BACKGROUND: Brown seaweeds are known to be a rich source of fiber with the presence of several non-digestible polysaccharides including laminarin, fucoidan and alginate. These individual polysaccharides have previously been shown to favorably alter the gut microbiota composition and activity albeit the effect of the collective brown seaweed fiber component on the microbiota remains to be determined.
METHODS: This study investigated the effect of a crude polysaccharide-rich extract obtained from Laminaria digitata (CE) and a depolymerized CE extract (DE) on the gut microbiota composition and metabolism using an in vitro fecal batch culture model though metagenomic compositional analysis using 16S rRNA FLX amplicon pyrosequencing and short-chain fatty acid (SCFA) analysis using GC-FID.
RESULTS: Selective culture analysis showed no significant changes in cultured lactobacilli or bifidobacteria between the CE or DE and the cellulose-negative control at any time point measured (0, 5, 10, 24, 36, 48 h). Following metagenomic analysis, the CE and DE significantly altered the relative abundance of several families including Lachnospiraceae and genera including Streptococcus, Ruminococcus and Parabacteroides of human fecal bacterial populations in comparison to cellulose after 24 h. The concentrations of acetic acid, propionic acid, butyric acid and total SCFA were significantly higher for both the CE and DE compared to cellulose after 10, 24, 36 and 48 h fermentation (p < 0.05). Furthermore, the acetate:propionate ratio was significantly reduced (p < 0.05) for both CD and DE following 24, 36 and 48 h fermentation.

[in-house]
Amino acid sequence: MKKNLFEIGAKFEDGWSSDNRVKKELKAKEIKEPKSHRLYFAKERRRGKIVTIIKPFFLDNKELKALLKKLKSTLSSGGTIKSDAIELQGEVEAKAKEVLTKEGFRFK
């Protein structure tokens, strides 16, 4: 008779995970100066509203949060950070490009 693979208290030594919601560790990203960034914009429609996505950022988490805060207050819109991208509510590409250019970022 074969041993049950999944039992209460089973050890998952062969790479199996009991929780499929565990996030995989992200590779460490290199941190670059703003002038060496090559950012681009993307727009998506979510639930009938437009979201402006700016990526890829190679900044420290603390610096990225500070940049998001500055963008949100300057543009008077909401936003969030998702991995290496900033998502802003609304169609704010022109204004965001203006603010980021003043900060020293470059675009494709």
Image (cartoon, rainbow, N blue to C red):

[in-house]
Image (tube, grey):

CONCLUSION: The microbiota-associated metabolic and compositional changes noted provide initial indication of putative beneficial health benefits of L. digitata in vitro; however, research is needed to clarify if L. digitata-derived fiber can favorably alter the gut microbiota and confer health benefits in vivo.
- Dietary fiber
- Gut microbiota
- Laminaria digitata
- Short-chain fatty acids